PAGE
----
Technology Director Chris Hanshaw advised the board that the current PreK-12 enrollment for the Richwood area is 765 students.

Ferguson said the first phase of construction will start at the entrance to the school and work its way around to where the cafeteria is on the river side to complete the roadway. The second phase of construction works on the interior of the building and then the modular classrooms are moved out in order work on that section of the building.

Natural gas from two gas wells on the Glade Creek property will be used to help heat and cool the building.


 

 

 

 

Elk CD Plant and Tree Sale

The Elk Conservation District is conducting their annual plant and tree sale of the following items as a service to the residents of Braxton, Clay, Nicholas and Webster counties: Cortland, CrimsonCrisp, Gale Gala, Granny Smith, Honeycrisp, and Jonamac Apple trees; Loring and Red Haven Peach trees; Potomac and Shenandoah Pear trees; Regina Cherry trees; Stanley and Methley Plum trees; Arapaho Blackberry plants; Heritage (Red) and Jewel (Black) Raspberry plants; Ozark Beauty Strawberry plants; Blue Ray and Jersey Blueberry plants. Seedlings available are: Chinese Chestnut, Allegheny Chinquapin, White Pine, and Virginia Pine.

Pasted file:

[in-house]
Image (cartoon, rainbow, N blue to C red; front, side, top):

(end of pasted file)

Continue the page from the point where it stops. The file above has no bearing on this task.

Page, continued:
Quantities are limited and will be sold on a first-come first-served basis. Please call the ECD office at 304-765-2535 or email ecd@wvca.us to obtain an order form. Order deadline is March 15, 2021 and pick up will be Wednesday & Thursday, March 31 & April 1, 2021 at the locations designated on the order forms. There will be a pick-up location in each county.


 

 

 

 

Event

March 15

• Please notice that the Board of Directors of the Nettie Leivasy Public Service District will meet for their regular scheduled board meeting on Monday, March 15, 2021 at 9:30 a.m. This meeting will be held at the Nettie Leivasy PSD office at 125 Cedar Road in Nettie. If you would like to be added to the agenda, please contact the office at 304-846-9589 before noon on Wednesday, March 10, 2021.